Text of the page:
Many contact lens wearers complain about experiencing dry eyes. Dry eye syndrome is common among individuals who wear contacts and those who do not. Symptoms of the condition include red, itchy, and irritated eyes, which usually worsen due to contact lens use.
Consulting an eye doctor will determine the cause of the dryness and provide ways to enhance comfort when wearing contacts. Here is more information on whether contact lenses make dry eye worse.
Many people choose contact lenses over eyeglasses due to the convenience they provide. They help correct vision without changing the individual’s appearance. In most cases, wearers can barely feel the contacts when worn.
If you have chronic dry eyes, wearing contacts can be difficult. Dry eye syndrome is a condition that occurs when the eyes fail to produce adequate tears or produce poor-quality tears. Lack of necessary lubrication leaves the eyes dry and uncomfortable.
Dry eye affects millions of people and is most common among elderly individuals. Causes of the condition include:
Damage to tear glands
Disease or damage to the skin around the eyes
Autoimmune disorders and diseases such as Sjogren’s syndrome
Hormonal changes such as menopause
Certain medications such as antidepressants, birth control pills, and blood pressure drugs
Allergies and effects of aging eyes
Prolonged contact lens use
The cornea is the only body part that gets oxygen directly from the air. People who wear contact lenses have a high risk of developing dry eyes. It is because the lens partially blocks oxygen from permeating the eye. It leaves the wearers experiencing dryness and grittiness after hours of wearing lenses.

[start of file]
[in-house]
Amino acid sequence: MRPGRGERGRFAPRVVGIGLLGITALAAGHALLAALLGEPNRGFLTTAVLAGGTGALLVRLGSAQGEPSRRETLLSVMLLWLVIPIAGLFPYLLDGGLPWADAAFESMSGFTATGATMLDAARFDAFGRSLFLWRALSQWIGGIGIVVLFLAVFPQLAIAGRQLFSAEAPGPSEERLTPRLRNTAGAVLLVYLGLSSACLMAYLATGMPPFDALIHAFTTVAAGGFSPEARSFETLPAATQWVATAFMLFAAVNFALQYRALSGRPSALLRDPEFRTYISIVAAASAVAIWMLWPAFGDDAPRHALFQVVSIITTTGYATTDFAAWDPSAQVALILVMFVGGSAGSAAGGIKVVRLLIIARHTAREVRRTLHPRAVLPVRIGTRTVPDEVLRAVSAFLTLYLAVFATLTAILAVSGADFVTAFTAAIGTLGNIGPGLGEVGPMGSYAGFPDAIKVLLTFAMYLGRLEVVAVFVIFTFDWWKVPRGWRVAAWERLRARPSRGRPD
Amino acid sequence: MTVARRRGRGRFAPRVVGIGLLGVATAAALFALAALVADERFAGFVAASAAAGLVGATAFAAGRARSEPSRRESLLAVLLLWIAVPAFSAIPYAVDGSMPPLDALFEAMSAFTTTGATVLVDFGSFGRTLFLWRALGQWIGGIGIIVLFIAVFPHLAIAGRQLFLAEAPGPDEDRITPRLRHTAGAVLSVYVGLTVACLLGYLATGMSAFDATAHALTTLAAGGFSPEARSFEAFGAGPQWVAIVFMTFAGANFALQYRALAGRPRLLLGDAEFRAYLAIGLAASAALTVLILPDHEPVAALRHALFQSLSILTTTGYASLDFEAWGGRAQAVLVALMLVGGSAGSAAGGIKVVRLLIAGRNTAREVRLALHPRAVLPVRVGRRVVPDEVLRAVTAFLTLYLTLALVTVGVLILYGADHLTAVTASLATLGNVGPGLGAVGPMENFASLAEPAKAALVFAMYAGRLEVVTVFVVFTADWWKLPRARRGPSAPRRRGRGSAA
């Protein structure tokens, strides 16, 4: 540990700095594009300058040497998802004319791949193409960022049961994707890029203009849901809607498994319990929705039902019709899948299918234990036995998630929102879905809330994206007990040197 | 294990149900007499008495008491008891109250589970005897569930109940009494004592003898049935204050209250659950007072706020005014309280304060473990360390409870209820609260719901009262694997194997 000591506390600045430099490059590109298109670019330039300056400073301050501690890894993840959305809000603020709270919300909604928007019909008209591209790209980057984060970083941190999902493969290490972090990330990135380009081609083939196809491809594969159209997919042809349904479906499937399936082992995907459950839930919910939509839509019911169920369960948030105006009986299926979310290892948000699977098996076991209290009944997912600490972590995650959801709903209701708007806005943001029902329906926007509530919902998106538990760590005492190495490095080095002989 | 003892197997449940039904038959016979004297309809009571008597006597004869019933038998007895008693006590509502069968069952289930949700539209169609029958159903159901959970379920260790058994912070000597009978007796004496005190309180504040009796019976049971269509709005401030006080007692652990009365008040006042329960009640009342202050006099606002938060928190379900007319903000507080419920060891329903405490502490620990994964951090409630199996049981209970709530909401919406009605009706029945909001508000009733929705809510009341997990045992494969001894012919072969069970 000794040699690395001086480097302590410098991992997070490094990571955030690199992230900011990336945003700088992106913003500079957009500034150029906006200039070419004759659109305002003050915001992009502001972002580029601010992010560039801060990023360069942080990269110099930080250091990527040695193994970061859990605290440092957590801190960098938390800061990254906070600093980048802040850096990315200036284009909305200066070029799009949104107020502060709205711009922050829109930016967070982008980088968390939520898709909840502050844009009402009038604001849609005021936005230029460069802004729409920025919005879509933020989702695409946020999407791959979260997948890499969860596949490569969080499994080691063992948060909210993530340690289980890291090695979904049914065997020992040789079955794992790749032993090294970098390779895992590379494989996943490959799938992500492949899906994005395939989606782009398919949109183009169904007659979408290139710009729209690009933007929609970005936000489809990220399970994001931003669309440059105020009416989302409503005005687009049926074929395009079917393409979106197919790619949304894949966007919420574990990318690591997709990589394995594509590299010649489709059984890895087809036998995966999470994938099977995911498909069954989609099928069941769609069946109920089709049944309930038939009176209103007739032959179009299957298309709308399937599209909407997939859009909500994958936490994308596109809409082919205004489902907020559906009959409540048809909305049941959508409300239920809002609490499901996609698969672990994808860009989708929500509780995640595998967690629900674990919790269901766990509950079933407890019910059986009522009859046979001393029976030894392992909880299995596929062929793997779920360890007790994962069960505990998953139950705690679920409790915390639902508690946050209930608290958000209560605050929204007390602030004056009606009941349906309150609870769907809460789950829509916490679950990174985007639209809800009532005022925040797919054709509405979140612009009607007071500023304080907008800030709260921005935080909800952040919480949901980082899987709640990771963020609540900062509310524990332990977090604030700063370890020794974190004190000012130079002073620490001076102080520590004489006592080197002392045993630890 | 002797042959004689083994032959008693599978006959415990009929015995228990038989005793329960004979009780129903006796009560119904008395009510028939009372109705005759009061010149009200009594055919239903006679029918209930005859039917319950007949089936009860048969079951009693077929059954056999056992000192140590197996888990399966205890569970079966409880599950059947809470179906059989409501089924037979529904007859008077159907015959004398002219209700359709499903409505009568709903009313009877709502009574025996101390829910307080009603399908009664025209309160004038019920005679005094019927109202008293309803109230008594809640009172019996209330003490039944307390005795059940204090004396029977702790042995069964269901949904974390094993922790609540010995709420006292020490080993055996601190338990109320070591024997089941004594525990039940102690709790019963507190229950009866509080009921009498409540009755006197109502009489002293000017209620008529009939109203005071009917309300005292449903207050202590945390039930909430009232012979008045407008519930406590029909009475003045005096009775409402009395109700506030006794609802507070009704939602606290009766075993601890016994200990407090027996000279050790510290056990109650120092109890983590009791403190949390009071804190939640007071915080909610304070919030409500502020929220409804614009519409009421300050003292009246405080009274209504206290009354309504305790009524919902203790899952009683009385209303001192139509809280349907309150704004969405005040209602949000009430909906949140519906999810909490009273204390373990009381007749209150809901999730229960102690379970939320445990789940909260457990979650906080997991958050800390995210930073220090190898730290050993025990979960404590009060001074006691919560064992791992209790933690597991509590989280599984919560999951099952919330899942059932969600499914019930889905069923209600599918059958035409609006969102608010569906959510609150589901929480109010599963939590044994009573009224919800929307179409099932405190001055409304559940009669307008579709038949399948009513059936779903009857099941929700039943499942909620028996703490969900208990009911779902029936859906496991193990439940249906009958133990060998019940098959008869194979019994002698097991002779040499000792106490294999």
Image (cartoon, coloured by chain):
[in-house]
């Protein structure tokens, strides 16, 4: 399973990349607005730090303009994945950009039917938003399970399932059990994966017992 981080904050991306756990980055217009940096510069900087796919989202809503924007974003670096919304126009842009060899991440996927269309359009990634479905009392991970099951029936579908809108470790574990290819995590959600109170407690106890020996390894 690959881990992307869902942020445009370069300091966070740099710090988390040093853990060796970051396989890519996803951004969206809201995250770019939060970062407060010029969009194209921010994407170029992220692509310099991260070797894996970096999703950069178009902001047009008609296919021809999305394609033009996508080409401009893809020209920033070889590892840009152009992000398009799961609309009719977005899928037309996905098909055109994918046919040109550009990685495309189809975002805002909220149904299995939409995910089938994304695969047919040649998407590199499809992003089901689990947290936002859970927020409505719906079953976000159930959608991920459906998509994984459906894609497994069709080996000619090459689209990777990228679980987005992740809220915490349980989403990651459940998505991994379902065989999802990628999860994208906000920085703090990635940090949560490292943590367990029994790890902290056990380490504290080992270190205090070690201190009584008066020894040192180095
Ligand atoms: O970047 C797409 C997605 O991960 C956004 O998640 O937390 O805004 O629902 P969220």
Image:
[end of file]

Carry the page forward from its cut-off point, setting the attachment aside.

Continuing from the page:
New contact lens designs and materials allow more oxygen to reach the eye. Contact lens-induced dryness can also be due to excessive tear absorption that irritates the eye surface.
Studies show that almost 50 percent of people who wear contact lenses develop dry eyes. Wearing the lenses can lead to a burning sensation, pain, and a gritty feeling. Some people experience blurry vision and discomfort when wearing contacts.
You do not have to give up contact lens wear if you have dry eye. Treating the cause or switching to a different type of lens can help. Your eye doctor will determine the cause before recommending the best treatment.
There are ways to relieve dry eye caused by contact lens use. They include:
Use lubricating eye drops to reduce discomfort
Choosing contact lenses made from silicone hydrogel
Improving eye comfort by providing nutrients through the intake of vitamins
Wearing low-water content contacts
Using daily disposable contacts
Consider the lens size, getting scleral lenses can help prevent dryness
Taking proper care of contact lenses
Using the right lens solution to clean the contacts
If contact lenses are causing you to experience dry eye, talk to your eye doctor about your options. The doctor may recommend switching to a new lens type, using preservative-free eye drops, or changing your lens solution. If you continue to experience problems, you may need to stop wearing the lenses for a while.
For more on contact lenses and dry eye, call City Eyes Optometry Center at (818) 960-1300 to reach our Sherman Oaks, California office.